Chemistry 122

# Chemistry 122

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## Chemistry 122

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1. ### Chemistry 122

Calculating the Heats of Reaction
2. Hess's Law It is sometimes difficult to measure the change in enthalpy in a reaction because the reaction does not actually happen. It is possible to measure the heat indirectly. Hess's law of heat summation states that if you have two or more thermochemical reactions to give a final equation, then you can also add the heats of reaction to give its final heat of reaction. The law allows us to measure the heat of reaction indirectly.
3. Example One Carbon can exist in the form of a diamond or graphite. Graphite is more stable than diamond but it takes millions of years for the reaction to take place – examining the reaction directly is not practical. Using Hess's law, we can calculate the heat of reaction for turning diamond into graphite – an example of an extremely slow reaction.
4. Thermochemical Equations a. C(s, graphite) + O2(g)→ CO2(g)ΔH = -393.5kJ b. C(s, diamond) + O2(g)→ CO2(g)ΔH = -395.4kJ Write the reverse of equation a: c. CO2(g)→ C(s, graphite) + O2(g)ΔH = +393.5kJ Add it to equation b and cancel out what is found on opposite sides of the arrow: C(s, diamond)→ C(s, graphite)ΔH = -1.9kJ
5. Does this make sense? The conversion of diamond to graphite is an exothermic process, therefore it is a negative enthalpy change. The vice versa holds true for graphite turning to diamond – it is an endothermic process. Diamonds are the world's oldest substances. They are approximately 3.3 million years old (How old is the Earth?). Diamonds are only found deep underground – having been formed by extremely high temperature and pressure reactions.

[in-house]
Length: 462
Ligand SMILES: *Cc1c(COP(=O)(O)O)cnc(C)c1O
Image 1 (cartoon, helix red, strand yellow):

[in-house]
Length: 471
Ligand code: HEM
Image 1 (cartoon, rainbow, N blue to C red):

6. Example Two: We can also use Hess's law when we are examining reactions that produce more products than the one we are interested in. C(s, graphite) + ½ O2(g)→ CO(g)ΔH = ? This reaction is impossible to replicate in the laboratory because carbon dioxide is also produced along with carbon monoxide…
7. More realistic reactions that involve carbon monoxide would look like this: a. C(s, graphite) + O2(g)→ CO2(g)ΔH = -393.5kJ b. CO(g) + ½ O2(g)→ CO2(g)ΔH = -283.0kJ Write the reverse of equation b: CO2(g)→ CO(g) + ½ O2(g) ΔH = +283.0kJ Then eliminate those substances found on both sides of the equation: C(s, graphite) + ½ O2(g)→ CO(g)ΔH = -110.5kJ
8. Making sense of the data The formation of carbon monoxide is exothermic. 110.0kJ of heat is released when it forms from carbon – in graphite form. Compare the two figures on pages 528 – 529. In Figure 17.13, which equation represents decomposition? In Figure 17.14, which is endothermic/exothermic?
9. A simple comparison If you are having trouble seeing the elimination process using Hess's law, consider the following: 1 + 2 = 3 3 + 4 = 5 + 2 If you cancel out the numbers between the two equations that repeat on both sides – what remains?
10. Standard Heats of Formation (ΔHf⁰) The change in enthalpy that accompanies the formation of one mole of a compound from its elements with all substances in their standard states at 25°C and 101.3kPa. Remember what a formation reaction is? Na + Cl2 → NaCl
11. Comparisons of Heats of Formation When looking at a free element, the heat of formation is zero. Diatomic molecules are also set at zero. For a reaction that occurs at standard conditions, you can calculate the heat of reaction by using standard heats of formation. This is referred to as the standard heat of formation (ΔH⁰) It is calculated by finding the difference between all the reactants and products heats of formation in a chemical equation.
12. Therefore, ΔH⁰ = ΔHf⁰ (products) - ΔHf⁰ (reactants)
13. There are two ways to skin a cat. 1. Use Hess's law and add two or more thermochemical equations to give the desired equation. 2. Find the difference between the standard heats of formation for all reactants and the standard heats of formation for all products in the reaction.
14. Figure 17.16, page 532 Copy this figure into your notebook. Make sure you include notes on where each of the enthalpy changes come from. Also, you should write the thermochemical equations for each of the reactions.
15. Questions for practice: Questions 32, 33 – page 531 Also, calculate the standard heat of reaction for the following reaction: 2SO2(g) + O2(g) → 2SO3(g) Questions 34 – 37 – page 532